Victim posed a threat, claims Delta police officer

Const. Jordan MacWilliams responds to civil suit

The Delta police officer charged with second-degree murder after a police standoff shooting claims the victim posed a threat to him and other officers.

In his response to the civil suit launched last year by the victim’s daughter, Const. Jordan MacWilliams is claiming he fired his rifle after the victim, Mehrdad Bayrami, pointed his gun at him and other officers.

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MacWilliams, who was a member of the Municipal Integrated Emergency Response Team at the time, was one of several police officers that responded to the Starlight Casino at around 6 a.m. on Nov. 8, 2012 after calls about a domestic disturbance and an armed man. The standoff lasted for five hours before the shooting occurred.

In her lawsuit, Bayrami’s daughter Nousha Mayrami claims the officer shot her father Bayrami “suddenly, without warning or justification” as he was walking backwards away from the police officers with his arms at his sides.

In his response to the lawsuit, MacWilliams claims that, after getting the hostage out of harms way, officers set up a 20-metre containment area around Bayrami. The perimeter included officers positioned with less lethal measures with MacWilliams assigned to the role of lethal overwatch for his team. In that role, it was his responsibility to provide cover for the other officers and to use necessary force if a threat of death of grievous bodily harm was posed.

According to MacWilliams’ statement, after a considerable amount of time standing in the same spot, Bayrami began walking toward the officers and he moved outside of the 20-metre containment area. The commanding officer then ordered the officers to use the less lethal measures, which consisted of a noise and flash diversionary device and a anti-riot weapon that fires non-lethal rounds. It was at this time, MacWilliams claims, that Mayrami leveled his gun at him and the other officers with his finger on or near the trigger. Fearing that one or more of the officers could be shot, MacWilliams made the decision to fire his rifle.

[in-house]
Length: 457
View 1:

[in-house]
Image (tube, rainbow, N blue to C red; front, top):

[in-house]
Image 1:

The Independent Investigations Office (IIO) launched an investigation following the shooting and Bayrami’s death 10 days later. In 2013, chief civilian director Richard Rosenthal forwarded a report to Crown counsel. As a result of the report, last November the Crown announced a second-degree murder charge against MacWilliams.

Just this week, Bayrami’s hostage came forward hailing MacWilliams as her hero and saying he should not be facing charges.

In an interview with The Province, Tetiana Piltsina called the charges unfair.

“This young policeman has to be released from all these accusations,” she said, speaking for the first time since the incident.

Piltsina also said she was never interviewed by police or the IIO following the standoff and shooting, and even tried to contact them to give her perspective on what happened that morning.

Neither the IIO nor the Crown would comment on who had been interviewed or not.

Piltsina, who had known Bayrami for years — the two had worked together and dated in the past — said he was unstable and she feared for her life at that time.

Before Piltsina was able to break free from Bayrami, he kept talking to her, she said.

“He was just saying awful things. He said to me: ‘I don’t want to go to prison ... I know that I’m going in a plastic bag from here,’” she said. “What he meant is he was probably ready to die.”

- with files from The Province

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